Description: A brass bhuta mask of a boar, South India, Karnataka, 18th/19th century
Expert remark: Note the size (42.6 cm)

 

South India, Kerala or Karnataka, 18th century. The mask finely cast in openwork to depict the head of a boar spirit with large pierced almond-shaped eyes, neatly incised arched brows, the mouth agape revealing teeth and tongue, the long pierced snout and lips detailed with beaded decorations, the head surmounted by an intricately cast crown; topped by six cobras above beaded and floral decorations as well as a row of numerous smaller snakes.

Provenance: German trade.
Condition: Good condition with old wear and some casting irregularities. Losses, nicks and dents, a bit of verdigris here and there, particularly to back and interior. Naturally grown patina overall.

Weight: 5,475 g (excl. stand)
Dimensions: Height 48 cm (excl. stand)

This dramatic dancer's headpiece in the form of a boar’s head was created in the southwestern coastal region of Tulu Nadu (in the modern Dakshina Kannada and Udupi districts of Karnataka state and Kasaragod district of Kerala state), for ritual use in dance festivals propitiating and honoring the local tutelary spirit deities (bhuta). Hundreds of these elaborate community celebrations, called Dharmanema festivals, are held every year between February and May to venerate the regional pantheon of over 350 spirit deities. The boar spirit deity (Panjurli), one of the most powerful and important Genii Loci, is said to be borne of the forest and is thus particularly revered in this lush tropical region. He is also responsible for upholding righteousness through his identification as a manifestation of Vishnu, the supreme Hindu god of preservation and social order. This religious correlation is expressed by Panjurli’s visual similarity to Varaha, the boar-headed avatar of Vishnu. Dancers' headpieces and masks are fashioned in a wide variety of iconographic forms and local artistic styles. They are typically quite large in size, and made in one of three primary media: wood, papier-mâché, and bronze. This headpiece is a tour de force of the genre because of its superb artistic quality, pronounced facial modeling, and complex ornamentation.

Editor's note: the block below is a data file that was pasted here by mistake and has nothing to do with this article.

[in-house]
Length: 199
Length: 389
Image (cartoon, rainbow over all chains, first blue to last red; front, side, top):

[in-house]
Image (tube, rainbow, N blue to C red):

With a modern stand. (2)

Literature comparison:
Compare a closely related copper alloy dancer’s headpiece in the form of Panjurli Bhuta, 43.5 cm high, in the Los Angeles County Museum of Art, accession number M.2005.49a-b. For a comparable example, see Brian A. Dursum, Change and Continuity: Folk and Tribal Art of India, Florida, 1998, p. 38, fig. 62. See S. Aryan, Unknown Masterpieces of Indian Folk and Tribal Art, 2005, p. 61-63, for bhuta masks made in brass; and the exhibition Dancing Masks - Bronzes from Southern India, 17 May to 23 August, 2009 at the Museum Rietberg, Zurich.

Auction result comparison:
Type: Closely related
Auction: Sotheby’s New York, 19 March 2008, lot 345
Price: USD 12,500 or approx. EUR 16,500 converted and adjusted for inflation at the time of writing
Description: Panjurli-Bhuta Mask Copper Alloy India, Karnataka, Tulu Nadu region
Expert remark: Note the smaller size (38 cm)

Auction result comparison:
Type: Closely related
Auction: Christie’s New York, 18 September 2013, lot 246
Price: USD 16,250 or approx. EUR 20,000 converted and adjusted for inflation at the time of writing
Description: A brass bhuta mask of a boar, South India, Karnataka, 18th/19th century
Expert remark: Note the size (42.6 cm)